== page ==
Lebanese women protest law encouraging rapist to marry their victim
Female protesters dressed as bloody and bandaged brides gathered in front of the Lebanese government headquarters on Tuesday calling for the abolishment of a law that allows rapists to marry their victims and escape sentencing.
The symbolic protest was part of a larger national campaign launched by gender equality NGO Abaad, which is raising awareness of Article 522, saying it violates human rights and strips the victims of their right to pursue justice.
The law states that rapists are punishable by up to seven years, which can be increased if the survivor has a special need. But Article 522 states that the criminal prosecution is suspended if the rapist marries the survivor.
The law, which has been in place since the 1940's, is currently being discussed in parliament.
"I believe this subject affects every Lebanese citizen, not only women. This Article violates women's human rights. We did a survey before the campaign figuring out only one per cent of the Lebanese people know about Article 522. We are doing our best to raise awareness of this Article, saying women have the right to refuse to marry the rapist. We are also telling all families that the solution is not the marriage of the rapist and victim - the solution is criminalising the rapist, abolishing Article 522 and punishing the criminal," said Alia Awada, campaigns manager for Abaad.
A parliamentary legislative committee is expected to decide today whether to abolish the law. The head of Abaad, Ghida Anani, said she hoped lawmakers would eliminate Article 522 from the Lebanese charter.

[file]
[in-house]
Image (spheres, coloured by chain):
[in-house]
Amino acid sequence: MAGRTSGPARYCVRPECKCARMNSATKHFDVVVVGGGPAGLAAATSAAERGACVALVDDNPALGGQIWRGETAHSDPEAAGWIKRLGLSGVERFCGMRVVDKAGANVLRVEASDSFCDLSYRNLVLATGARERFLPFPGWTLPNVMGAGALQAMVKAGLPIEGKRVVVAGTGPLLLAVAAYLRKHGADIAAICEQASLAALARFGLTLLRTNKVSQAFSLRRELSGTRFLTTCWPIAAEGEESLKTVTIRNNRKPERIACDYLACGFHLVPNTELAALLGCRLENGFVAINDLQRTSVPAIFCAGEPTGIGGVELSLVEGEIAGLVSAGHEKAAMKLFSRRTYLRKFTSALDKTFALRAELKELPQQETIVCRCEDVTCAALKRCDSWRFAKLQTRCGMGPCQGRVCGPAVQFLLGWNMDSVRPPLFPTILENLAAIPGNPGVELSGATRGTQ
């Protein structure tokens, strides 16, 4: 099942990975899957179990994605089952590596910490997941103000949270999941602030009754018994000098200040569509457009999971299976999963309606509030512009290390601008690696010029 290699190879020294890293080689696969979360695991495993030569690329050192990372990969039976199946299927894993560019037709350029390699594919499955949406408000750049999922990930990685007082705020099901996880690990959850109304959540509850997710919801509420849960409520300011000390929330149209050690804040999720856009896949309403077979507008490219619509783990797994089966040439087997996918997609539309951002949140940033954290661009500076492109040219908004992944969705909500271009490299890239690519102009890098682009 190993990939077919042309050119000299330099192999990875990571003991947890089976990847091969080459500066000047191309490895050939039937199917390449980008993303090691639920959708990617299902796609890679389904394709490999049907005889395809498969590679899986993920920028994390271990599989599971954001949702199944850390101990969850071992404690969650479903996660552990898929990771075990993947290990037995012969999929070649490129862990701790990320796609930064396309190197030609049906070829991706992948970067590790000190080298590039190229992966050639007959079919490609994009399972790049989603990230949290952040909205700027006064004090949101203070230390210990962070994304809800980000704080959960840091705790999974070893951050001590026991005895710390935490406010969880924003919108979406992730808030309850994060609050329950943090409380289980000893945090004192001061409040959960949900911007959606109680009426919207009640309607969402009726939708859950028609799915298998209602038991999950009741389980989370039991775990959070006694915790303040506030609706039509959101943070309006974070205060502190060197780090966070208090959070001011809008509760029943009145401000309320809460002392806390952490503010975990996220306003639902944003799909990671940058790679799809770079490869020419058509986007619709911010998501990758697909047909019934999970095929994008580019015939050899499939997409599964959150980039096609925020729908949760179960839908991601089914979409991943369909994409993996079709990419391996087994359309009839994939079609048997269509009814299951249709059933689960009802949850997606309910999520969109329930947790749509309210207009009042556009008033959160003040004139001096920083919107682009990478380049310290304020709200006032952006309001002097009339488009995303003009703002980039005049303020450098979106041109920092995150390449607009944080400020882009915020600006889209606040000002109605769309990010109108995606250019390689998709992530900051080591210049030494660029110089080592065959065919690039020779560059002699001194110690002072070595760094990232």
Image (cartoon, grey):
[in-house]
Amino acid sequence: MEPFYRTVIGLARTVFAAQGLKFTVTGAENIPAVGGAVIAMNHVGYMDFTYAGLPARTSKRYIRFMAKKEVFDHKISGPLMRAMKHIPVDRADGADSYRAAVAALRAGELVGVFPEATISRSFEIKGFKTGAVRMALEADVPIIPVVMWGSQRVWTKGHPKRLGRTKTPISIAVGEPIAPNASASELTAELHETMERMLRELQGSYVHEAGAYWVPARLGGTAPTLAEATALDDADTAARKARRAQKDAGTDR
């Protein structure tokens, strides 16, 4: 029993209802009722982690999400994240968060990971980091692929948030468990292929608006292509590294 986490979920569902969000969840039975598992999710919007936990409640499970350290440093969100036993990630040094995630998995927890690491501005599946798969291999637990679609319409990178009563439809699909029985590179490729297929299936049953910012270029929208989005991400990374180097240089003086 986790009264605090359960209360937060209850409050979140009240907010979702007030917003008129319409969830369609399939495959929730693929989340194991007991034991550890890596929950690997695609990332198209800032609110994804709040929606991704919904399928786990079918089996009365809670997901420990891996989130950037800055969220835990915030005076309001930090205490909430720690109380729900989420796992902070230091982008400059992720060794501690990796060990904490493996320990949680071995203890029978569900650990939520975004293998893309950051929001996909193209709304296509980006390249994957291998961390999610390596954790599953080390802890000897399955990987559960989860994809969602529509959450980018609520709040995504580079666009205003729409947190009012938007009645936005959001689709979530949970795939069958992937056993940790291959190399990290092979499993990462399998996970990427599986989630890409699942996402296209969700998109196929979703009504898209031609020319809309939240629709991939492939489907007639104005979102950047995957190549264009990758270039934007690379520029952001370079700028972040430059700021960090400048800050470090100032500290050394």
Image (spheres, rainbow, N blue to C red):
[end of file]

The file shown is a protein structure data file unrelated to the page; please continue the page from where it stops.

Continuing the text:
"We are continuing a symbolic movement that we started last week in front of the parliament when the parliamentary committee was discussing the content of Article 522, to stress our demand on the need to abolish this Article. At the same time, we are expressing our trust in the committee that will be discussing this tomorrow at the parliament. We have trust in the positive promises we received from this parliamentary committee for the possibility of abolishing this Article," she said.
One of the protesters, Hiam Bakr, described the anger and sadness she felt as a victim of sexual assault.
"I am here because we have been subject of sexual assault in our lives, we know how it feels: what happens to us at night, how we become deprived of sleeping, eating and drinking, how we spend our days and nights thinking why this happened to us. We don`t know that he is the reason, we are not. We keep on fighting ourselves for a long time to be able to accept this is not our fault but his, that he is a bad person. I am here to demand the abolition of this Article," she said.
Abaad's campaign has been featured on television, social media and billboards across the country.